Gabriel Andreoli, son of Emil (also Emile) Andreoli his wife Marie, was a French born chemist, but by 1881 the family resided in London. Emil Andreoli was an inventor of note, for example, he filed United States patents for the effective production of ozone by silent electric discharges (1891, 1896), an improved process of electrolysis (1895), and an apparatus for the electrodeposition of gold and silver (1895). In 1895 Emil and his son Gabriel, still residing in London, filed a patent in Britain and the United States for the electrolytic production of amalgams. It involved the formation of an amalgam from a concentrated sodium chloride solution and the coating of copper or other metal plates with mercury, for the recovery of gold or silver by amalgamation.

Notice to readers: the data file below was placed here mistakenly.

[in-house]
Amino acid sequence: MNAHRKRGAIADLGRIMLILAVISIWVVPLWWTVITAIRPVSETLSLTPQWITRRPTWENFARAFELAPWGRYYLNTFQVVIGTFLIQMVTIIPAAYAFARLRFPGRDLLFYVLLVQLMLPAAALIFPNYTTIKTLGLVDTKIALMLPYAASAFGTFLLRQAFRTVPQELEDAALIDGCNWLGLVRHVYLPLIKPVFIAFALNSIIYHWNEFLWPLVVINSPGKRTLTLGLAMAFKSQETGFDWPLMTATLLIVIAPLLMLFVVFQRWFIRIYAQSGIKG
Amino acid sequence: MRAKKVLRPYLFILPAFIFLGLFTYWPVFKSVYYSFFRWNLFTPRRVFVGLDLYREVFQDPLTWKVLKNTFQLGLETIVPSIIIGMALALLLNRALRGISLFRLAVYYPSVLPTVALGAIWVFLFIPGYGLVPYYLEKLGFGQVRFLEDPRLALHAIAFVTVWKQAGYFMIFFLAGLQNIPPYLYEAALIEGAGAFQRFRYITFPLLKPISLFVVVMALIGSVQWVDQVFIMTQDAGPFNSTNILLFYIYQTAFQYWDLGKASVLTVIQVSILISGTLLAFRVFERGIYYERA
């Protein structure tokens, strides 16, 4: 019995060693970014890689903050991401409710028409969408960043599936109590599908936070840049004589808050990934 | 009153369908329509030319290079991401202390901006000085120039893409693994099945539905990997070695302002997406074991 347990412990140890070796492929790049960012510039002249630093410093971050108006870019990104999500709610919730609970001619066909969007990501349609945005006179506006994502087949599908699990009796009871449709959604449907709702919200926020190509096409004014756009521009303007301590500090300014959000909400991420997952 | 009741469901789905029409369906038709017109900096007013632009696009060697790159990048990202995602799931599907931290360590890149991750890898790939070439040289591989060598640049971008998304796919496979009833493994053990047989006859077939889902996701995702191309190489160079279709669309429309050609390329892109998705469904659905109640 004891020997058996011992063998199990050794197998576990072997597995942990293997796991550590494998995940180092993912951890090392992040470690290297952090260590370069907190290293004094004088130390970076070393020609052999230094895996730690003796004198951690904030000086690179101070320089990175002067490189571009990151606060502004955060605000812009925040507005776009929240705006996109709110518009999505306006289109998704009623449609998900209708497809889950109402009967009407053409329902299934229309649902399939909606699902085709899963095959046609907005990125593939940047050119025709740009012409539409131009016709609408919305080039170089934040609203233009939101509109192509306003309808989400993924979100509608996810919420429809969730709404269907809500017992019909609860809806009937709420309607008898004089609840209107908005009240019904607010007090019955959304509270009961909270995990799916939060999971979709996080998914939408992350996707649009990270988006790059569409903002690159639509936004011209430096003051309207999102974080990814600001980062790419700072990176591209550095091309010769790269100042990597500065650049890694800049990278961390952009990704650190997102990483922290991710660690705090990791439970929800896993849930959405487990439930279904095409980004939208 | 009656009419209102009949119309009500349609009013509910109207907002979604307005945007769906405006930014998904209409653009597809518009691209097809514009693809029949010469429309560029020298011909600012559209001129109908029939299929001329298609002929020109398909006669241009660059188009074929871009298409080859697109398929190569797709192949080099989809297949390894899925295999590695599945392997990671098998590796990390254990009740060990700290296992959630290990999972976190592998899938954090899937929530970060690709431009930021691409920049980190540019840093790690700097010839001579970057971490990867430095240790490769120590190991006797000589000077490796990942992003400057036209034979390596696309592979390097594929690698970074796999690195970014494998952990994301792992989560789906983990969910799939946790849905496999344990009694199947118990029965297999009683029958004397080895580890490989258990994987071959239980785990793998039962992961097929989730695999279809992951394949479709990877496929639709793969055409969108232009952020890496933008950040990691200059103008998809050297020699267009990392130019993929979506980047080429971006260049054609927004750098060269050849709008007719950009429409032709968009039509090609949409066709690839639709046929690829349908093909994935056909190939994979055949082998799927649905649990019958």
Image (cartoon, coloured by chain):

Gabriel Andreoli came to South Africa in April 1897 to work at the Rand Central Ore Reduction Company. He became a member of the Chemical and Metallurgical Society of South Africa (from 1902 the Chemical, Metallurgical and Mining Society of South Africa) that same year. By 1905 he was electrometallurgist and cyanide manager at Roodepoort Central Deep, Ltd. At that time he published "Notes on the gold of the Roodepoort district" in the Journal of the society (1904/5, Vol. 5).
Andreoli married the widow Annie Maria Louisa Henwood, born Tyzack. She died in 1945. They still resided in Johannesburg in 1923, but in 1929 emigrated to the United States and lived at Irvington, New Jersey.